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The Batavia Muckdogs were nine outs and six runs from elimination Tuesday. But the offense rallied for the win and Adam Veres took care of the rest Wednesday.
Veres allowed a run on two hits, striking out seven over a career-long seven innings as the Batavia Muckdogs edged the Lowell Spinners, 3-2, to advance to their first-ever New York-Penn League Finals.
Batavia will face the Jamestown Jammers in the best-of-3 Championship Series, with both teams seeking their first league title.
"We feel great right now, this was obviously the biggest game of the season," Veres said. "We've got a lot of high-spirited guys that want to go all the way with this."
Veres (1-0), who had allowed only an unearned run over his last nine innings, gave up a run in the first on a hit batsmen, a single and a double-play groundout.
"I was really amped up to get this start," he said. "I was locating the fastball to both sides of the plate and the ball was moving real well. I just wanted to prepare for this one just like any other game, but this one obviously meant a little more."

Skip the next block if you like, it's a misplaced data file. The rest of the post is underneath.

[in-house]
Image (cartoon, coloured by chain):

Ramon Delgado struck out the side in the eighth before Adam Riefer ran into trouble in the ninth. He issued a leadoff walk and allowed a run on a two-out single before striking out Ricardo Burgos with the tying run on second for the save.
Batavia dropped the series opener to Lowell in 12 innings and trailed in the sixth inning, 8-2, in Game 2. The Muckdogs rallied for 11 runs over the final three innings to force tonight's decisive game.
"All the kids on this team play with a ton of heart," Veres said. "We worked hard every day and you would think being down six runs with only three innings left that guys would be discouraged. Guys stayed on their feet and we got some breaks and turned it into a win."
Chris Swauger singled and scored on Jose Garcia's infield single in the second to tie the game, 1-1. In the fourth, Xavier Scruggs lifted a sacrifice fly and Frederick Parejo singled and scored on a passed ball.
Jamestown won six of the 10 meetings between the teams during the regular season. According to Veres, there's been no love lost between the two teams.
"It would mean a lot to win it, they're our biggest rival," he said. "The Spring Training complex is shared between the Marlins and Cardinals, and we don't wanna have to see them next year having gotten beat."
"There's a lot of first-year guys here and to be able to play for a championship in your first pro season is pretty special."
Spinners starter Bryan Price (0-1) gave up three runs -- on earned -- on seven hits and two walks with one strikeout over four innings.
Steve Conley is a contributor to MLB.com. This story was not subject to the approval of the National Association of Professional Baseball Leagues or its clubs.